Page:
Analysis: banking innovation in the US
Tom Groenfeldt, editorial contributor to Banking Technology, puts the banking innovation in the US under the spotlight. The market is not short of digital offerings: Simple, Moven, Kabbage, Acorns, Earny, Debitize, MagnifyMoney and more – take your pick!
Two American pioneers in mobile-only banking, Simple and Moven, continue to grow and refine their offerings which combine a bank account, debit card and a mobile phone app to help users understand how they spend and encourage them to save money.
Simple and Moven use machine learning to see how much customers earn and how much they have to spend each month on basics like rent and car loans. The apps then warn them when their discretionary spending is too high. Both banking apps have been around for a while – Simple since 2009 and Moven since 2011 – but they remain leaders in the all-digital banking and budgeting arena.
In the US, Moven has had 150,000 downloads of its app, which is popular with 20 to 40 year-olds. Its users check in with the app 30 to 40 times a month. In February 2016, it partnered with the Freelancers Union, to help people in the fast-growing “gig economy” manage their money better.
Mark Schwanhausser, director of omnichannel financial services at Javelin (a research and consultancy firm), says banking has been focused on transactional competence but needs to expand beyond that to deepening relationships with customers by helping them achieve financial health. In its recent survey of online banks Javelin has looked at how banks help customers build new habits and understand their health through tools like credit scores.
“The Simples of the world are doing a terrific job of making transactions more efficient and graceful,” he says. With a focus on the user interface, they make it easier – boom, and you are done and can get out, but it’s not going to distinguish one bank from another.” Consumers want more than a glorified checking account; they might want to borrow money to start a business or buy a house or car, he adds.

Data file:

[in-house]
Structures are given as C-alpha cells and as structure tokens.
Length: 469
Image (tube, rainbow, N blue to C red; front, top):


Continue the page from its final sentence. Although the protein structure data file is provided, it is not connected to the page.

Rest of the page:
In early 2016, Moven announced it has formed partnerships with CommonBond, a student loan refinance firm which will give Moven users $200 to consolidate their loans, plus a 25 basis point break when they pay through Moven. It also announced an alliance with Payofff to help users consolidate and pay down credit card debt.
Moven has also partnered with Accenture to license its technology and says over 200 banks are interested; it has signed agreements with TD Bank in Canada which is using it under the label TD MySpend and with ANZ in Australia.
In 2014, Simple got acquired by BBVA, the technologically aggressive Spanish bank, for $117 million (BBVA has written off a significant portion of this sum since, but states it remain committed to the fintech).
In 2016, Simple launched a much awaited joint account for any two people who want to bank together – it provides two debit cards, a joint account and two separate accounts in addition.
Both Moven and Simple apps let users set aside savings in envelopes to pay off student loans, save for adventure, or begin saving for a house. They also track spending; Brett King, CEO of Moven, says he was stunned to learn he had spent about $400 on New York taxis in one month; he would have guessed more like $70. A glance at a smartphone can show a Moven user spending by category for the month, with red showing when he/she is spending too much.